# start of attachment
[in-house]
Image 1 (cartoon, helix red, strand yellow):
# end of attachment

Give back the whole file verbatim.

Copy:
[in-house]
Image 1 (cartoon, helix red, strand yellow):